Last month, we introduced our community investment process with a Q&A from Sara, the director. If you need it, here’s a brief recap:
The community investment process is how we distribute grants to fund initiatives run by local nonprofits that align with our impact areas of education, stability and health. The purpose of this process is to financially support a network of partners working collaboratively to provide comprehensive and coordinated services that drive deep impact across our community.
The money invested into this process comes from generous donors in our community - companies and individuals like you!
These grants are distributed once a year - check out last year’s recipients.
We said we’d keep you posted as new or returning projects were funded, and we’re here with good news -- grants have been finalized through the community investment process for the current cycle. The projects and initiatives that received funding this go-around are all focused on driving impact in United Way’s focus areas of education, health and stability. More specifically, we can break these projects down into five categories: community engagement, childhood success, youth success, economic mobility and access to health. The community investment process, as you now know, was designed to target and develop solutions aimed at creating systemic and sustainable results in these areas.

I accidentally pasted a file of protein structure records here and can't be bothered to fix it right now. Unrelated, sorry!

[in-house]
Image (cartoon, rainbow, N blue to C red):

Read on to learn more about some of our newest community investment-funded projects and partners.
We believe that when we engage every resident of our community, our collective impact changes everything. Through the community investment process, United Way strives to fund programs that encourage connection -- programs like The Shed, run by our nonprofit partner Signal Centers. The goal of this program is to combat social isolation and
create a more livable community for senior citizens in the Chattanooga area. The Shed seeks to connect seniors to their community by improving their technological and social media skills (more valuable now than ever due to COVID), helping teach each other new skills and presenting opportunities to interact with volunteers of all ages and abilities through partnerships with local colleges, high schools, and other community organizations.